He wrote on his Truth Social site, “My civil rights have been violated, and a federal or state appellate court must reverse this horrible, un-American decision.” He asserted that his company had “done a magnificent job for New York State” and “conducted business flawlessly,” describing the event as “A very sad day for the New York State System of Justice!”


On Tuesday, a judge ruled that Donald Trump committed fraud for years while building the real estate empire that catapulted him to prominence and the presidency.

His attorney, Christopher Kise, stated that an appeal would be filed, labeling the decision “completely disconnected from the facts and governing law.”

A few days before starting a non-jury trial in James’ lawsuit, Engoron’s ruling is the strongest rejection of Trump’s carefully manicured image as an affluent and intelligent real estate magnate turned political powerhouse.

Engoron discovered that Trump, his company, and key executives repeatedly lied about his wealth in his annual financial statements, garnering benefits such as favorable loan terms and reduced insurance premiums.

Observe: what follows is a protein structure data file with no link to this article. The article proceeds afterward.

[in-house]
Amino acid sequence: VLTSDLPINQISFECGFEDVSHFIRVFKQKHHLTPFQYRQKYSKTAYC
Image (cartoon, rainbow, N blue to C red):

The judge stated that these tactics crossed the line and violated the law, refuting Trump’s argument that a disclaimer on the financial statements absolved him of wrongdoing.

“In the world of the defendants, rent-regulated apartments are worth the same as unregulated apartments; restricted land is worth the same as unrestricted land; restrictions can vanish into thin air; a disclaimer by one party casting blame on another party exonerates the other party’s lies,” Engoron wrote in his 35-page ruling. This is a fantasy world, not the actual universe.


On Tuesday, a judge ruled that Donald Trump committed fraud for years while building the real estate empire that catapulted him to prominence and the presidency.

Manhattan prosecutors considered filing criminal charges for the same conduct but ultimately decided against it, leaving James no choice but to sue him and seek penalties designed to impede his and his family’s ability to conduct business.